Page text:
1) It seems like you've really upped your game this season, dropping fast times and beating very good course records en route to an undefeated senior campaign. Can you point to any one thing, or handful of things, that helped you step up to a higher level? Physical maturity? Change of mindset? Different workouts? More mileage?
This year I have changed the whole way I look at my workouts. Instead of just grinding them out and trying just to finish them up, I've been enjoying the sport a lot more and enjoying my workouts as a result. I look forward to races just to see what my body can really put out there. I have to give a lot of credit to my coaches who help to make my racing success what it is today. And support from family and friends and motivation from everybody around me.
2) Last year you earned a reputation as a guy who would go hard from the gun, so much so that when it came to the two-mile at Nike Outdoor Nationals, it was almost a given you'd lead that race through the first mile. Obviously, that race turned into one for the ages, and you played a role in it, but what's your recollection of that night? Did you learn anything or come away with with a different perspective from being in a high school race where the winner ran 8:41?
I like to start off races fast because then you don't ask yourself the question, 'What more could I have done?' When I put my toe on the line I like to race. I want to give all I've got; this is just a way to respect the sport, in my mind. It was definitely a great experience to go out and run in that race and run against those big names in that race. The finish didn't go as planned but I set my goal mile pace, I hit that, so I was glad about that but I just couldn't finish.
3) You're a talented individual on a team with state championship hopes. How do you balance the commitment to your team with your own aspirations for success beyond the Utah high school season?
I am a captain for our boy's team, and I enjoy this leadership role. I don't think that there's any sacrifice at all that I have to make to be part of the team. If anything, my team works together and just helps to inspire and influence my workouts and races. We have a very fun group of kids that give me a good laugh every day.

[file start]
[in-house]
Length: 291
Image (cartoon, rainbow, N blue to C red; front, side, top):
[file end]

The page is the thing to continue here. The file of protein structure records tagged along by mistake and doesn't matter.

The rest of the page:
4) When we talked after your victory at Bob Firman, it sounded like you viewed the Foot Locker West race last fall as a sort of turning point, or at least a reality check. Can you talk about what happened in that race, and how you might be approaching the regional qualifier differently this year?
Last year before regionals I sort of psyched myself out, just thinking about what everybody else was doing in the race instead of thinking about what I needed to do. As I said before, this year I've just been having a lot more fun with the sport. I ended up dropping out of that [FL West] race because of dehydration and nutritional issues. This was a very humbling experience, just to see that some days you've got it and other days you don't.
5) Speaking of the race at Bob Firman, that's one that folks are still buzzing about. You were pretty far out on a quality field, even by the first mile. When you're leading a race like that, and it becomes a solo affair, what's going on for you internally? Are you shooting for splits...visualizing places to attack the course...just trying to finish? What's going on in your head during an effort like that?
When I'm in a race I don't like to think about what I'm going to do the next mile or later in the race. I like to think about just relaxing and think about what's happening in the race at that time. Focusing on the obstacles or miles later in the race take away from the concentration needed at that moment in the race.
6) I was reading about your cross country team's drive to collect shoes for South Africa-- how you've collected far more than you ever imagined, and even got the Utah Jazz involved. Can you briefly describe that project and what it means for your team to be involved?
The McMillians, who are parents of recent graduate Sam [Samantha McMillan, now attending Georgetown University] and varsity runner runner Elli, are in charge of this shoe drive. The shoes are donated, then given to the less fortunate in South Africa who canot afford shoes, so they have something to run in. This is a way to reach out and really give people a chance to experience the beauty of our sport--running--and to excel at it, when they otherwise wouldn't have that chance.
7) With your first name being Luke, do people ever shout lines from Star Wars at you while you're running? "Luuuuke, use the Force!" or "Luuuuke, I am your father" or just the standard "Luuuuke"? Are there other variations/nicknames we should know about?
I used to get a lot of the standard "Luuuke, use the Force," when I was younger and playing baseball, but that ended very quickly. I don't really have any nicknames. I just go by the classic Luke Puskedra.
8) You seem like a pretty laid-back guy, even when you're racing. Is there anything that gets you riled up?
I'd like to think I am a very mellow down-to-earth guy who enjoys long walks by the beach (hmmm....hmmmm..), but I am very competitive, especially with my brothers. I'm a middle child, so I am always competing in everything imaginable with my brothers. I'm very competitive in a game we play at my school that is non-dominate handball. But I like to just relax and have a good time. Yoga is also a big part of my life. Namaste.
Photo by John Dye